Thank you for joining us again for the continuation of the paper I authored for Microsoft about its approach to security of Cloud offering, including using the Cloud Security Alliance (CSA) Security, Trust & Assurance Registry (STAR).
Let me know what you think!
The Microsoft approach to cloud transparency
Using the Cloud Security Alliance’s Security, Trust & Assurance Registry (STAR)
Part III – Privacy
As part of the security risk assessment, a privacy review needs to be considered to ascertain potential risks to the data and operations in the cloud. Today, the notion of privacy goes beyond the traditional description of customer data and extends into organizational privacy, which includes most intellectual property constraints; that is, the
know-how, know-why, and know-when of organizations. As more and more organizations become knowledge-based, the intellectual property values that they generate increase. In fact, intellectual property value is often a significant part of an organization‘s value.
Confidentiality and integrity
Similarly, concerns about confidentiality (who can see the data) and integrity (who can modify the data) are important to include in any evaluation. Generally, the more access points to the data, the more complicated the risk profile creation process. Although many regulatory frameworks focus on confidentiality, others such as Sarbanes-Oxley focus almost exclusively on the integrity of data that is used to produce report financial statements.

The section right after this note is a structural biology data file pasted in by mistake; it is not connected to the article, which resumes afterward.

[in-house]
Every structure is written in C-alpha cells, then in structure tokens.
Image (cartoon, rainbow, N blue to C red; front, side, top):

In many cloud computing environments, the data flow that moves information into and out of the cloud must be considered. Sometimes multiple carriers are involved, and oftentimes access beyond the carrier must be evaluated. For example, a failure at a communications service provider can cause delay and affect the reliability of cloud-based data and services. Any additional service provider must be evaluated and assessed for risk.
Auditing, assurance, and attestation
Many organizations are experienced in traditional application and data deployment activities, such as auditing and assessments. In a cloud deployment, the need for some of these activities becomes even more acute at the same time that the activities themselves become more complex.
Embedded in the cloud concept, and especially in public cloud deployment, is a lack of physical control by the organization that owns the data. Physical controls must be considered to protect the disk drives, the systems, and even the data centers in which data resides. Such considerations also apply to software environments in which cloud services components are deployed.
In addition, obtaining permissions for the purpose of satisfying requirements for resiliency testing, penetration testing, and regular vulnerability scanning can be a challenge in cloud deployments.
It can also be a challenge to address and satisfy requirements for independent validation of controls. Cloud providers are typically reluctant to approve many types of testing in a shared infrastructure because of the impact that testing could have on other customers.
Frequently, an organization intending to engage in cloud deployment does not
know how to evaluate risks or how to choose a cloud provider that mitigates risks.
For certain regulatory frameworks, auditing is a requirement. Frequently, cloud customers are faced with challenges that threaten or appear to deny the many benefits of cloud adoption and deployment.
Join us again next week for Part IV of the Microsoft approach to cloud transparency.